Seagrasses get the attention but benthos make a difference

20-year EPC monitoring study shows benthic index improvement

By Marcia Biggs

Above: EPC scientists Kevin Campbell and Barbara Goetting conduct benthic sampling this summer in Tampa Bay. Photo by Marcia Biggs/EPC.
A heady seabreeze is blowing in from the Gulf on a steamy morning in August. After stowing a half dozen large coolers filled with ice, and boxes of sampling jars, shovels, sifters, plastic bags and gloves, a crew of three heads out into Tampa Bay. Today’s mission: to collect samples of sediment from seven sites between the Gandy Bridge and Courtney Campbell Causeway.

For one week every August, the bottom of Tampa Bay is scooped, sifted, and stored in tagged jars to be analyzed later by the scientists at the Environmental Protection Commission of Hillsborough County and other Bay area marine laboratories. A total of 64 sites are randomly selected and sampled by various agencies from three counties as part of more than two decades of research into Tampa Bay’s benthic community.

Cheers broke out when results of the 2014 seagrass survey were announced earlier this year, but less fanfare was seen when the EPC released a 20-year recap of benthic communities in Tampa Bay.

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That’s a shame because benthic communities are critically important in the bay. The bay bottom provides habitat for hundreds of creatures at the base of the food web, ranging from crabs, clams, snails and worms to hundreds of other species of invertebrates. And because contaminants tend to sink into the benthic zone, which includes sand layers, rocky outcrops, soft corals and mud, trends in benthic species composition provide an important glimpse into the health of the overall water body.

The outcome of the study: Tampa Bay’s bottom-dwelling communities are generally in fair to good condition with continuing improvements observed EPC chief environmental scientist Dave Karlen, who authored the report and was part of the study for 19 of the 20 years. As might be expected, the healthiest segments are in Lower and Middle Tampa Bay — areas with the least human impacts. The most degraded segment was Hillsborough Bay.

In the study, random samples were collected at 1,572 sites as part of a tri-county effort under the direction of the EPC that began in 1993 as a monitoring program initiative of the Tampa Bay Estuary Program.

“Baywide, we’ve seen improvement in the benthic index which is an overall summary of all species,” said Karlen. “Animal species are abundant indicators of cleaner water habitats.”

The sampling data monitored:

  • Animal communities (composition and diversity, dominant species and distribution, environmental indicators, benthic index)
  • Sediment composition (silt, clay)
  • Sediment contaminants (heavy metals, PCB, PAH, pesticides, etc.)
  • Salinity, oxygen and pH levels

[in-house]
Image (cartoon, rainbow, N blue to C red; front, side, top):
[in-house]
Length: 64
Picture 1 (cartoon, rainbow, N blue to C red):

Levels of oxygen and contaminants are of keen concern to the Bay’s bottom dwellers. These and other stressors such as changes in salinity and temperature can determine which benthic species can survive in a given area. By measuring the abundance and diversity of these benthic organisms and testing for the presences of sediment contaminants, ecological changes in the bay can be effectively monitored.

“An important indicator of Tampa Bay’s health is the degree of low dissolved oxygen, or hypoxia,” said Karlen. “Low oxygen suffocates organisms. Some may be able to survive, so we look at the dominant species that are surviving in various conditions. Typically Hillsborough Bay has suffered from issues with hypoxia.”

Contaminants, some highly toxic, typically found in Tampa Bay include arsenic, cadmium, copper, chromium, lead and zinc. Analyzing sediment composition is integral to determining the level of these pollutants. “Silt sediments generally tend to accumulate contaminants like heavy metals,” said Karlen. “The study shows that overall the vast majority of the bay is fairly clean, though thresholds vary depending on location. Most of the higher levels (of toxic contaminants) are in MacKay and Hillsborough bays.”

Study findings

Rating the health of the Tampa Bay benthic community using the Tampa Bay Benthic Index and the EPA’s National Coastal Assessment program criteria, Tampa Bay as a whole rated as “Fair.” Middle and Lower Tampa Bay segments rated “Good” (over 50% of Tampa Bay surface area), Old Tampa Bay rated “Fair” while Hillsborough Bay, Boca Ciega Bay, Terra Ceia Bay and Manatee River rated as “Poor.”

Karlen is not disappointed with this assessment because the EPA has very stringent criteria. “Over 50% of the bay is considered fair, and you can see index scores were quite low during the early years. The overall trend is an increase in the benthic index, which is a good thing.”

  • The majority of Tampa Bay sediments were not found to have high levels of contaminants. Sites with high contaminant levels were predominantly located in Hillsborough Bay.
  • The metal cadmium had moderately high concentrations in 42% of the samples, but most were not considered to be above natural background levels. Cadmium is a natural byproduct of phosphate.
  • Over 1,500 animal species were identified.
  • In the benthic index, Hillsborough Bay had the most degraded and empty (no species) samples. Lower Tampa Bay had the most healthy samples, followed by Middle Tampa Bay.

“Long-term monitoring programs, like the one conducted by EPC’s benthic group, are instrumental for the Bay’s resource management community,” said Ed Sherwood, TBEP’s senior scientist. “Without these data, we wouldn’t know where to focus our restoration efforts in the future.”

Learn more about benthos with a fun look at “Marvelous Mud” from the Spring 2012 issue of Bay Soundings.

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